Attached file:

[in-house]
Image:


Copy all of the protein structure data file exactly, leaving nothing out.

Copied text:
[in-house]
Image: